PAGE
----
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Time has passed but the wounds remain for the survivors of September 11 and the New Yorkers who were profoundly affected by the attacks. "Tower Stories" examines the harrowing, emotional tales of New Yorkers who were inside the towers and those who responded to the physical and emotional needs of the city in the aftermath. The stories are based on interviews from "Tower Stories," an independent project showcasing the first-hand accounts of those directly and indirectly affected by the terrorist attacks.
photo Steve Alonso 33 Brooklyn, New York
A detective with a Staten Island narcotics unit, Alonso raced to his station and then to the World Trade Center on September 11, spending the next several months sifting through concrete, steel, office and human debris at Ground Zero and then at Fresh Kills landfill. More »
"I found a lot of body parts. I felt I was the last to interact with this person, putting an end to their horror."

-- Alonso on sifting through the World Trade Center rubble
photo Arlene Charles 46 Brooklyn, New York
Charles was working as an elevator starter on the North Tower's 78th floor when American Airlines Flight 11 slammed into the building. She and a badly burned friend escaped from the tower, with Charles eventually walking across the Brooklyn Bridge and back home. More »
"She was literally on fire. Her face was all red. Her fingers peeled back. No skin left."

-- Charles on her friend Carmen Griffith's condition minutes after the jet hit the North Tower
photo Florence Engoran 36 Huntington, New York
Florence Engoran stepped off the elevator on the South Tower's 55th floor, looked outside and saw huge chunks of concrete and flaming debris falling from the North Tower. Five months pregnant, she instinctively bolted toward the stairway. More »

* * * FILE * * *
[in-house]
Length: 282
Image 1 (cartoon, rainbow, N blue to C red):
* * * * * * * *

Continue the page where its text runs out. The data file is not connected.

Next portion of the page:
"Why should I not have a child? Why let horrible people fill the world? Fill the world with good people. It's important."

-- Engoran on having a baby after September 11
photo Nick Gerstle 25 Staten Island, New York
Gerstle and several Marines were the first to spot and begin digging for two Port Authority police officers buried under 15 feet of debris, and Gerstle later spent weeks near the site repairing broken cable and telephone lines. More »
"What I took away from this experience is, 'Do whatever you can do to help.' Just go."

-- Gerstle on his impulsive decision to go to Ground Zero
photo Jonathan Judd 38 Manhattan, New York
Shortly before 9 a.m. on September 11, Judd boarded an elevator on the North Tower's 78th floor to take him to his 85th floor office. When the elevator door opened on the 83rd floor, Judd saw the elevator doors across from him explode, moments after the American Airlines jet hit the building. More »
"People started to stampede, like a Godzilla movie, running uptown. It looked like 'Night of the Living Dead,' zombies walking uptown all in shock."

-- Judd on the collapse of the towers
photo Jerry Scarnato   Brooklyn, New York
A New York City firefighter, Scarnato survived the eventual collapse of both towers, walking away with only minor injuries. He spent the rest of September 11 and much of the next several weeks on "The Pile," searching for his lost friends and colleagues. More »
"You're not a hero when you're watching people jumping from 80, 90 or whatever floors out of the building to their certain death, and you're thinking about going in. It takes the heart out of you."

-- Scarnato
photo Roger Smyth 36 Brooklyn, New York
On September 11 -- what should have been his day off -- Smyth rushed to his hospital a few blocks from the World Trade Center. He saw the South Tower fall from his ambulance and barely escaped the North Tower's collapse. More »
"Things [were] strewn everywhere ... bodies [were] falling out of the sky, people scattering in every direction, emergency workers trying to get people out."

-- Smyth on arriving at the World Trade Center
photo Patrick Weir 30 Manhattan, New York
Like many, Weir's life temporarily halted on September 11, even if he was several miles from Ground Zero. Weir joined his fellow members of the Big Apple Chorus in singing patriotic tunes to mourners, firemen and everyday New Yorkers as a way of soothing others' grief -- and their own. More »
"The whole tragedy changed the meaning of that song. We had all been feeling so bad, everyone. It was a surprise to us, to them, and it was good to feel hope."

-- Weir on singing the Frank Sinatra classic "New York, New York"
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